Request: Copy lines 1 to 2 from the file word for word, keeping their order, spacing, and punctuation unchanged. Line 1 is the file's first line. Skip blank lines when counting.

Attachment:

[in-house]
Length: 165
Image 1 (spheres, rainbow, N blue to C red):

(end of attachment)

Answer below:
[in-house]
Length: 165